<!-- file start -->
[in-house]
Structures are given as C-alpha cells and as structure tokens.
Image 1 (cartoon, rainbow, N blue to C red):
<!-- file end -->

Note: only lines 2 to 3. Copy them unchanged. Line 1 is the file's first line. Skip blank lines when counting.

Structures are given as C-alpha cells and as structure tokens.
Image 1 (cartoon, rainbow, N blue to C red):